Bringing Them Christmas

What if you had never heard of Christmas?

Here in the U.S. almost every house in our neighborhood has some sort of decorations up. Santa is at the mall, and the stores have been pushing gifts for months. At least one radio station has been playing Christmas music nonstop since Thanksgiving. Our tree is up, the stockings are hung, and the calendar is full of invitations.

Yet, there are still cultures around the world for whom Christmas is unknown. These are people who have never heard the name of Jesus and who have never met a single Christian. There are entire “people groups” (ethne, usually translated “nations” in the Bible) who have so few Christians among them that there is no viable church. Missiologists call these peoples with few or no believers “unreached.”

In the case of many of these peoples, the good news about Jesus simply isn’t available. There are no churches to visit, no Christian bookstores, no TV or radio programs they can listen to. In many cases, the Bible has never been translated into their language. Even if someone did hear of a person named Jesus, there is nowhere they can go to find out more.

In an effort to make sure that everyone had a chance to hear the gospel, a list of “people groups” was compiled back in the mid-1990s. There are currently 16,543 people groups on this list. Of that number, 6,701 (about 40%, 3.11 billion people) are considered unreached.

There has been a lot of publicity about unreached people groups (UPGs) in the past several decades. New ministries and organizations were formed to encourage believers to reach out to these groups. You or your church could even “adopt a people,” promising to both pray for them and to provide support in the form of missionaries, Bible translators, finances, etc. As a result, most of these peoples have been adopted by at least one mission agency or church. In other words, someone has stepped up and accepted responsibility for making sure that the gospel is made available in a language they can understand and in a culturally relevant way.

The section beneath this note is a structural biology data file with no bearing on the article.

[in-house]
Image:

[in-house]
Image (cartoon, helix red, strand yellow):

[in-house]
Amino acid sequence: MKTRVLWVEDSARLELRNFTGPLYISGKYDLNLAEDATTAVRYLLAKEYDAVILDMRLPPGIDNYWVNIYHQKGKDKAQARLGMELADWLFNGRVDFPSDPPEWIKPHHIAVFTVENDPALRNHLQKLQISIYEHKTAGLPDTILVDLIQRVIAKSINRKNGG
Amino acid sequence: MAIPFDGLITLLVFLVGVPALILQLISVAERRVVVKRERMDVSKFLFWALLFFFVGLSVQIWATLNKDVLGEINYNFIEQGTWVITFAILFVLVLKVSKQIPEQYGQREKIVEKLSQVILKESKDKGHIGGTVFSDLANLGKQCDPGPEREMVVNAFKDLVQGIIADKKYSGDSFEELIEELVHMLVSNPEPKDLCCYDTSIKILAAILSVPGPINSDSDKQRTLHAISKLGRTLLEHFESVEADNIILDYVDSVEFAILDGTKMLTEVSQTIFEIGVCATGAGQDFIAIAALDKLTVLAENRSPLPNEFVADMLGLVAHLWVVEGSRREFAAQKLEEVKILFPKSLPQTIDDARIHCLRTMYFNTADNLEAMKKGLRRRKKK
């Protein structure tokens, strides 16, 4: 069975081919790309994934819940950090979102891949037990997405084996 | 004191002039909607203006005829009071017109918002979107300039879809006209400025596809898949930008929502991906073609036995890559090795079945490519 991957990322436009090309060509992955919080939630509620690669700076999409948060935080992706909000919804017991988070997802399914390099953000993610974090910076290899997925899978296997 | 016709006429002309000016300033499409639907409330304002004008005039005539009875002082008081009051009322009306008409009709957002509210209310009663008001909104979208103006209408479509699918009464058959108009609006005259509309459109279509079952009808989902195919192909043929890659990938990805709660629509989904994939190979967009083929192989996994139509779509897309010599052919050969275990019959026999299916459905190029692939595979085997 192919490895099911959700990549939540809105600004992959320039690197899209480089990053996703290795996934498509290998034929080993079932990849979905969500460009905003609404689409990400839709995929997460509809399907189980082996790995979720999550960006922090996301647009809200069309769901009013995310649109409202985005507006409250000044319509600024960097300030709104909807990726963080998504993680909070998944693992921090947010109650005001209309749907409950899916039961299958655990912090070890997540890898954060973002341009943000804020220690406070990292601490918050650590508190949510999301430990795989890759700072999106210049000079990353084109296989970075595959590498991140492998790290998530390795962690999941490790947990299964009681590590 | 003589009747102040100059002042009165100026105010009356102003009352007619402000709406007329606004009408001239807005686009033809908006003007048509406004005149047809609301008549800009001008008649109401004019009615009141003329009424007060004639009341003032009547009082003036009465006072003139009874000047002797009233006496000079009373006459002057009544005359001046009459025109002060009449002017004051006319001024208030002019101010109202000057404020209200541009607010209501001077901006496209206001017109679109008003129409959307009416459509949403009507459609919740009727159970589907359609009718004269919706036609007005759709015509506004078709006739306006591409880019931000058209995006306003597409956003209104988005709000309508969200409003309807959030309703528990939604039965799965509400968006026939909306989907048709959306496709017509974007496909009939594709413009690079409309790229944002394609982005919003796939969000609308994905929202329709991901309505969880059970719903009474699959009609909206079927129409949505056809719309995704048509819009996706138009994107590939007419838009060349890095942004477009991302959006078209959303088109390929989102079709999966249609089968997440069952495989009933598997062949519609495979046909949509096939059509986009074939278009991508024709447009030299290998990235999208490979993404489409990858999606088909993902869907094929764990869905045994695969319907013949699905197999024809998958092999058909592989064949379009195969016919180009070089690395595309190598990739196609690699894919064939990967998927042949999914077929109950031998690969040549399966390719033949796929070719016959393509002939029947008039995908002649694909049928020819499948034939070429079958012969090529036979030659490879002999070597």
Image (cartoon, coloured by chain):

However, some groups remain untargeted. No one has tried to reach them. Nothing is being done. In a very real sense they’ve been overlooked, abandoned by the church. At a recent conference we attended, Pete and I were given a current list of these peoples, “568 Ethnolinguistic Unengaged Unreached People Groups” (UUPGs), with populations over 5,000.

The list isn’t perfect. As with any undertaking of this magnitude, there will be omissions and mistakes. As the preface explains,

[This list] is made up of those ethnolinguistic people groups where there are no KNOWN workers reported at the time of this printing. All research information is changing rapidly.

These groups range in size from the Muslim Hindkos of Pakistan  (population 3,910,000) to smaller groups such as the 80,810 deaf Swazis in Swaziland or the 6,200 Afitti of Sudan. If you include even smaller groups, there are closer to 1,371 UUPGs. You can see a list of them on the “Finishing the Task” website.

While 1,371 may seem like a huge number, it’s quite small when compared to 16,543 peoples worldwide, or even 6,701 UPGs. And lest you feel overwhelmed, remember—each of these names represents individuals who need to know Jesus.

babyjesuAs I read through the list of UUPGs, I feel a sense of urgent responsibility. I want to do something! But what? What can I, an aging American living in Colorado, without a lot of money or resources, do to bring Jesus—Christmas—to those who have never had a chance to hear? It’s not a hopeless question. I’ll give you my list of ways to get involved next time.


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